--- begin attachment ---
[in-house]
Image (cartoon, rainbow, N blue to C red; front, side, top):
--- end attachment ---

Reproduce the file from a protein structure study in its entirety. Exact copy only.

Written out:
[in-house]
Image (cartoon, rainbow, N blue to C red; front, side, top):